Earlier this week Croatian Prime Minister Andrej Plenković announced a possible ban on all totalitarian symbols, including the red star.
Experts were quick to voice concern after Monday's announcement, arguing that the move carries particular risk with regard to the red star — the star served as the emblem of the Communist-led Yugoslav Partisan army, which fought the Axis powers in the Second World War and took power in Yugoslavia in 1945.
Tihomir Cipek of Zagreb University's Faculty of Political Science highlighted that Croatia was constitutionally founded as the successor to the State Anti-fascist Council for the National Liberation of Croatia, the highest governing organ of the anti-fascist movement in Croatia during the Second World War. Mr Cipek argues that, given that this body was led by the Communists, “the two can't be completely separated”, and “criminalising one would lead to criminalising the other”.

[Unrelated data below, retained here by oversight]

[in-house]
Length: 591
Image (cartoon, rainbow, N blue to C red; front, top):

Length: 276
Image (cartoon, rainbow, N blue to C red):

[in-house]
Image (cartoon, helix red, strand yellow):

Whether Mr Plenković's proposal ever comes to fruition is another question, however. Mr Cipek points out that if it is seen as a change to the constitution, rather than a normal piece of legislation, the support of two-thirds of MPs will be necessary — a feat that Mr Plenković is unlikely to achieve.
Mr Plenković has served as Prime Minister of Croatia since 19 October 2016. His governing centre-right party, the Croatian Democratic Union, often describes Communist Yugoslavia as a totalitarian regime, akin to the wartime Independent State of Croatia governed by the fascist Ustaše movement.
A number of post-Soviet states and members of the former Eastern Bloc have undergone, or are undergoing, a process of decommunisation, which in some cases involves a ban on communist symbols. Among the most discussed in recent years is that of Ukraine, which began a formal decommunisation process in April 2015. Last month Bulgarian lawmakers have voted to make the public display of communist symbols illegal.
Source: Balkan Insight